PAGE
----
imports, perhaps it's trying to do too much in too many different areas (incohesive).
For example, does the code for generating servlets and the code for sending JMS mes-
sages need to live in the same bundle? The number of imports doesn't show anything
about coupling, but the nature of what's imported does. If a bundle imports low-level
API s or, worse yet, implementation packages, perhaps it's too closely coupled to its
dependencies. Similarly, if a bundle has too many exports, it might be a bloated module
trying to do too much in too many areas. If it's exporting lots of packages, it may be
exposing too many of its innards to the outside world and encouraging an unhealthy
level of coupling; if it's exposing packages containing implementation classes, the cou-
pling is almost certainly too high. Keeping a handle on your imports and exports is a
nicely complementary goal to achieving a well-structured modularization.
The Require-Bundle header is also a big clue that two bundles are tightly coupled.
Ask yourself if you need those classes to come from that particular bundle rather than
somewhere else. If you do need your dependencies to come from a fixed place, then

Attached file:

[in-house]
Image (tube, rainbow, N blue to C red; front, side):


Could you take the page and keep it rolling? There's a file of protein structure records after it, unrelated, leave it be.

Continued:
the chances are that your classes should be packaged there too!
HOW TO MINIMIZE PACKAGE IMPORTS AND EXPORTS
The dependency graph of a well-architected application should look less like spa-
ghetti and more like a fork. Try to keep both the package exports and package
imports as small as possible. This can be a useful guide to sizing your bundles cor-
rectly. If the bundles are too small, function will be split between bundles and depen-
dencies that should be internal are forced to be external (see figure 5.2).
Figure 5.2 Bundles that are too granular will be forced to import and export lots of packages from other
parts of the application (solid lines). If the bundles are made slightly larger, many of those dependencies
become internal-only (dotted lines).